Focus on Opportunities to Create Business Value

Many organizations are hesitant to invest in AI, thinking that it hasn’t proved its value in the medical device industry yet. But the real issue is that most organizations haven’t used AI in the right applications. Instead of trying to use AI to solve everything all at once, stakeholders should identify select use cases where AI can be used to address a defined problem.

Under this approach, a medical device manufacturer might define a specific business need or clinical use case and then work backward to determine if AI is a viable solution. These use cases might be in areas like image analysis or patient outcomes, with scopes narrow enough to pinpoint the types of data necessary to build and train a successful AI model.

Once the problem is defined, the research team must determine if it has sufficient volume and diversity of data to fuel AI training efforts. This strategy goes hand-in-hand with the data management overhaul described above. Without the ability to survey data at an enterprise-level, teams won’t have the information they need to evaluate the feasibility of potential AI projects. But given a clear picture of the organization’s data, researchers can better identify projects where they have the tools to succeed.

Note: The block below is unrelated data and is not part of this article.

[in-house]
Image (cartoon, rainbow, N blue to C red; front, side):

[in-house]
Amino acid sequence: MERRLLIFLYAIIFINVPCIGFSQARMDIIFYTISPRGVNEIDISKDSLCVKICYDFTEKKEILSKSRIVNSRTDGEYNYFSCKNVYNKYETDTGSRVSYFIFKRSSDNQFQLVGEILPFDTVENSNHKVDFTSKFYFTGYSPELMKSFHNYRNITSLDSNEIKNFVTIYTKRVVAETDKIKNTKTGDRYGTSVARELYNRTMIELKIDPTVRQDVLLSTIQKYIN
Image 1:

Gain Executive Buy-in Early

Executive sponsorship is key to success for digital transformation and AI projects, as they typically require sustained investments before starting to show financial returns. AI initiatives often demand collaboration and data sharing across multiple divisions and business units—and friction points are reduced when an executive is backing the effort.

Executives won’t be wooed by tech talk, but rather dollars and cents (i.e., a compelling business case). Taking proactive steps to identify a starting point with AI and connecting it to a measurable business outcome will make it easier to persuade business leaders that the project is worth the investment. Clear communication about project timelines—and identifying how long it may take to realize ROI—will help keep the project a priority. Once again, having a clear picture of the organization’s data can help research teams make better, more accurate forecasts of the metrics leaders need.

Get Started with Digital Transformation

The ability to leverage big data and AI is a true differentiator for medical device manufacturers. But to maximize the odds of success, organizations must begin by leveling up their data management. With the right tools and strategies, R&D teams can identify practical use cases that will show measurable ROI, and then begin their research efforts with data that is centralized, uniformly curated, and ready for AI training.

Although digital transformation takes a clear vision, the elements can build on each other. By laying the groundwork with the right data management framework, a compelling business case, and executive buy-in, research teams can help their organizations move to the next level of R&D.

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Costas Tsougarakis